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December 7, 2015
Transmitting Electromagnetic Waves for Plasma Heating with High Efficiency and High Quality: Numerical Simulation of Electromagnetic Wave Propagation in Waveguides

In the Large Helical Device (LHD) we heat electrons in plasma by using high frequency electromagnetic waves. In the method called electron cyclotron resonance heating (ECH) we inject powerful electromagnetic waves generated by a device called a gyrotron. Energy from those waves is absorbed by electrons and heats the plasma. Between the gyrotron and the LHD is the “waveguide,” which leads the electromagnetic wave toward the LHD plasma. In order to heat electrons to high temperatures using ECH, it is necessary to increase the power of the gyrotron and to make electrons absorb the electromagnetic wave’s energy with less waste. In addition, transmission of the electromagnetic wave through the waveguide must be optimal. Here, we introduce computer simulation research being undertaken for designing such a waveguide.

The waveguide, which connects the gyrotron and the LHD, reduces the loss of energy in the electromagnetic wave, and makes transmission of the electromagnetic wave highly efficient. Further, because the electromagnetic wave phase, the oscillation direction, and the wave energy profile all have an important influence upon electron heating, maintaining transmission in an appropriate condition, that is, maintaining a high quality of transmission, is necessary. In order to achieve the high efficiency and the high quality, the internal surface of the waveguide has been micromachined to resemble the teeth of a comb.

The transmission of electromagnetic waves inside the waveguide receives strong influence from the electrical current that flows along the waveguide’s wall surface. For this reason, the configuration of the internal surface has been improved through repeated experiments and measurements of prototypes that are manufactured based upon approximate calculations for surface resistivity, which expresses the quantity of flow difficulties of the electrical current on the waveguide’s wall surface. However, in approximations of the surface resistivity that will be the basis of the prototype there has occurred the problem of not being able to incorporate the precise surface features of the internal surface of the waveguide and the effects of the eddy current generated on the internal surface. For this reason, there is a limit to enhancing the high performance of electromagnetic wave transmission and enhancing the high quality that this method can realize. More precise calculations were desired.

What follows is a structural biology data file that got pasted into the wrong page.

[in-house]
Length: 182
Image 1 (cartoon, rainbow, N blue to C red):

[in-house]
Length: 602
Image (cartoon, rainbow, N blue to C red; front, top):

Thus, in order to perform more precise calculations we have developed a calculation program for simulating an electromagnetic wave transmitted in a waveguide with a complicated wall configuration. The waveguide path that connects the gyrotron and the LHD is composed of a combination of a “corrugated waveguide” in which the internal surface is designed to resemble the teeth of a comb and a waveguide for a 90 degree bend of the electromagnetic wave path called a “miterbend.” Based upon the program developed for this project, we have taken account of the internal surface configuration far more precisely than in the past, and are now able to perform calculations of the transmission of electromagnetic waves along the waveguide. As a result, after the electromagnetic wave had passed through the waveguide, we became able to evaluate at a much higher level to what extent the composition of the electromagnetic wave changed. Further, we became able to determine the distribution of the eddy current on the waveguide’s wall surface. From this, we reduced the generation of the miterbend’s eddy current and suggested a new method for raising the transmission efficiency of electromagnetic waves. In the miterbend, a “polarizer,” which can change the oscillation direction of electromagnetic waves has been attached. From the program used this time, it also has become possible to calculate more precisely the changes in the oscillation direction of the electromagnetic wave through the polarizer, which until now had been problematic. In this way, optimal use of the waveguide has become possible by utilizing this new program, and we anticipate further enhancement of the efficiency and the quality of electromagnetic wave transmission for heating plasma through use of this new program.